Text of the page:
So jumping from a 240 grit edge to a 3k stone will give you a finish looking like a 3k edge, but a poor one indeed. This is obvious under magnification. You are abrading the peaks of the 240 grit scratch pattern and leaving the depth of the scratches not being removed. The overall look of the edge bevel will look 3k 'ish' but this is not an ideal 3k edge at all. While this is an interesting 'experiment', the conclusion is 'don't do this'. Further compounding this experiment with a leftover heavy burr reduces this 'experiment' to a poorly designed experiment with too many variables to draw useful conclusions. The cutting rate of the stone is also not the critical parameter - it is the duration of abrasion at that grit times the abrasion rate, ie the total amount of metal removed to reduce or eliminate the coarser scratch pattern. The scratch pattern of the bevel is an indication of the actual edge characteristics, compounded by how closely the two sides meet, any damage from burr removal producing fractured and weakened metal, etc. This problem of properly removing the scratch patterns from previous stones is abundantly clear when reviewing kasumi finishes produced by natural stones.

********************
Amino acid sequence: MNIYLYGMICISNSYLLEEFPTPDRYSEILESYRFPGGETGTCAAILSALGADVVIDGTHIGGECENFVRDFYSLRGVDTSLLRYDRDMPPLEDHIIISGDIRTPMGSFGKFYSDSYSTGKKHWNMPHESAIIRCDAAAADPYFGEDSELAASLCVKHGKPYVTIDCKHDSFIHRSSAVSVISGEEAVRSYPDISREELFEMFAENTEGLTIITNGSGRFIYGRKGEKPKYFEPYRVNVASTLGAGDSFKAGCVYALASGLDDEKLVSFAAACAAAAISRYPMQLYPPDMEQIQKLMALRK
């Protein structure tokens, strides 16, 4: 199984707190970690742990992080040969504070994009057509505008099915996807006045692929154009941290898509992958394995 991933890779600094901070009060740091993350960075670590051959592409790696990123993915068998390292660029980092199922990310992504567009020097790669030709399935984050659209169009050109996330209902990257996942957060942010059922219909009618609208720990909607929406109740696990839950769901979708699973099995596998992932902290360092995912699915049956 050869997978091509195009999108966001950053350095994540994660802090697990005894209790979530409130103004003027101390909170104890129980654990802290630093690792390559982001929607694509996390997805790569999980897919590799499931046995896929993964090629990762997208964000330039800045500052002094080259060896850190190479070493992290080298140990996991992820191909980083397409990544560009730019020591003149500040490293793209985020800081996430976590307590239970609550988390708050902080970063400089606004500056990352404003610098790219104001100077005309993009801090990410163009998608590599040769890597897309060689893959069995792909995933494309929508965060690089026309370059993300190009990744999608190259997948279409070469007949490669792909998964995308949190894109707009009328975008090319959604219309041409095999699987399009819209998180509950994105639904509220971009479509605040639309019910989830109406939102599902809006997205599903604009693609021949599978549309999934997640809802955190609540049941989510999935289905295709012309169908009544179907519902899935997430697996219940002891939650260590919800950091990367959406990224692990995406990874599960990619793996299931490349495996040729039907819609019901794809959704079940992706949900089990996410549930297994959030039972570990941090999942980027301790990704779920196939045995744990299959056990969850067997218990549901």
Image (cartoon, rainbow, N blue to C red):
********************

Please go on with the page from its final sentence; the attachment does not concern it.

If you are sharpening a Rex121 blade, I don't know that using a stone like a 700 Bester is a useful experiment for bevel setting. Most people on this forum KNOW that this is so suboptimal that they wouldn't do that. For a task like this, diamonds or CBN are a far better solution, especially for determining the primary bevel. This is a particularly abrasion resistant steel (high vanadium carbide content) and cutting this steel with a stone with softer abrasives does little more than wear a stone down, producing an inconsistent bevel angle in the process of dishing the stone. IMHO, this is a pointless exercise. Not really what I would call academic. So for instance, you could hammer in a nail with the handle of a screwdriver, but as you state, "not the stone to do that at all ". In fact, even a collection of stones is not an ideal solution for this type of steel. For most, an ideal approach is of far more interest than demonstrating the results of perseverance with the wrong tool for the job.